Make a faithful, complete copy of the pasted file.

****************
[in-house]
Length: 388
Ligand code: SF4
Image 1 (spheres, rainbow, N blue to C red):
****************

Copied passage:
[in-house]
Length: 388
Ligand code: SF4
Image 1 (spheres, rainbow, N blue to C red):